Company Plans Orbital And Sub-Orbital Launches From Proposed Facility
The FAA is preparing an Environmental Impact Statement (EIS) to analyze the potential environmental impacts of SpaceX's proposal to launch orbital and suborbital launch vehicles from a private site in Cameron County in southern Texas. The EIS will consider the potential environmental impacts of the Proposed Action and reasonable alternatives, including the No Action Alternative. The successful completion of the environmental review process does not guarantee that the FAA would issue launch licenses and/or experimental permits to SpaceX. The project must also meet all FAA safety, risk, and indemnification requirements.
The Proposed Action as published in the Federal Register is for the FAA to issue launch licenses and/or experimental permits to SpaceX that would allow the company to launch the Falcon 9 (pictured) and Falcon Heavy orbital vertical launch vehicles and a variety of reusable suborbital launch vehicles from a launch site on
privately-owned property in Cameron County, Texas. The Falcon 9 orbital vertical launch vehicle is a medium-lift class launch vehicle with a gross lift-off weight of approximately 1,000,000 pounds (lbs) with a maximum length of 230 feet (ft). The Falcon 9 uses liquid oxygen (LOX) and highly refined kerosene, also known as rocket propellant-1 or refined petroleum-1 (RP-1), as propellants to carry payloads into orbit. The Falcon Heavy is similar to the Falcon 9, except it has an additional two boosters ``strapped on,' each booster being almost identical to the Falcon 9 first stage core. The Falcon Heavy is a heavy
lift class launch vehicle with a gross lift-off weight of approximately 3,400,000 lbs. It has an overall maximum length of approximately 230 ft.
A reusable suborbital launch vehicle could consist of a Falcon 9 Stage 1 tank with a maximum propellant (RP-1 and LOX) load of approximately 6,900 gallons.
As part of the Proposed Action, SpaceX proposes to construct a vertical launch area and a control center area. The proposed vertical launch area site is currently undeveloped and is located directly adjacent to the eastern terminus of Texas State Highway 4 (Boca Chica Boulevard) and approximately 3 miles north of the Mexican border on the Gulf Coast. It is located approximately 5 miles south of Port Isabel and South Padre Island. At the vertical launch area, the new facilities required would include: an integration- and processing-hangar, a launch pad and stand with its associated flame duct, propellant storage and handling areas, a workshop and office area, and a warehouse for parts storage.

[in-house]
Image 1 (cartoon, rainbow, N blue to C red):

The control center area would be located inland to the west of the vertical launch area and would include: A control center building and a payload processing facility; it might also include a launch vehicle preparation hangar and satellite fuels storage. All facilities would be constructed on private land owned or leased by SpaceX. The development of access and supporting utility infrastructure for the vertical launch area and the control center area may occur on lands outside that which is owned or leased by SpaceX.
Operations would consist of up to 12 launches per year with a maximum of two Falcon Heavy launches. All Falcon 9 and Falcon Heavy launches would be expected to have commercial payloads, including satellites or experimental payloads. In addition to standard payloads, the Falcon 9 and Falcon Heavy may also carry a capsule, such as the SpaceX Dragon capsule. All launch trajectories would be to the east over the Gulf of Mexico.
The potential environmental impacts of all proposed construction activities will be analyzed in the EIS, in addition to the impacts from operating the facilities and launching orbital and suborbital launch vehicles.
SpaceX has not commented on how the Texas facility would affect it's launch plans in Florida or California.